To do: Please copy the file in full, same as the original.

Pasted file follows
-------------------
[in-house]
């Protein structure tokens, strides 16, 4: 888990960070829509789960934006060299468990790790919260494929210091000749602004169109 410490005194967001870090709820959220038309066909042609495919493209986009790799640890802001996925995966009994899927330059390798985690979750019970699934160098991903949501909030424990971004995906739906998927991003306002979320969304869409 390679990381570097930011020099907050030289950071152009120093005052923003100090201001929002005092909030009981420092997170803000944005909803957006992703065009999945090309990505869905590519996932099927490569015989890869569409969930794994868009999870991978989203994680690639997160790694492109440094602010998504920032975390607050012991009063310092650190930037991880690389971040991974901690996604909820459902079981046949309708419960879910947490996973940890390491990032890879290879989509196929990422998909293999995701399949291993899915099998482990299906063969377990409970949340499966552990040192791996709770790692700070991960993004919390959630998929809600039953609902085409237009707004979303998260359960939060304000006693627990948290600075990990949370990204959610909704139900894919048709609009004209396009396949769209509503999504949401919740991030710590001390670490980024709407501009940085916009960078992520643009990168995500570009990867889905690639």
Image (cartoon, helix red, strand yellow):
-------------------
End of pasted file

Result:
[in-house]
């Protein structure tokens, strides 16, 4: 888990960070829509789960934006060299468990790790919260494929210091000749602004169109 410490005194967001870090709820959220038309066909042609495919493209986009790799640890802001996925995966009994899927330059390798985690979750019970699934160098991903949501909030424990971004995906739906998927991003306002979320969304869409 390679990381570097930011020099907050030289950071152009120093005052923003100090201001929002005092909030009981420092997170803000944005909803957006992703065009999945090309990505869905590519996932099927490569015989890869569409969930794994868009999870991978989203994680690639997160790694492109440094602010998504920032975390607050012991009063310092650190930037991880690389971040991974901690996604909820459902079981046949309708419960879910947490996973940890390491990032890879290879989509196929990422998909293999995701399949291993899915099998482990299906063969377990409970949340499966552990040192791996709770790692700070991960993004919390959630998929809600039953609902085409237009707004979303998260359960939060304000006693627990948290600075990990949370990204959610909704139900894919048709609009004209396009396949769209509503999504949401919740991030710590001390670490980024709407501009940085916009960078992520643009990168995500570009990867889905690639």
Image (cartoon, helix red, strand yellow):